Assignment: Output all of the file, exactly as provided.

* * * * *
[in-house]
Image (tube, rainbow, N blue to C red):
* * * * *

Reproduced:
[in-house]
Image (tube, rainbow, N blue to C red):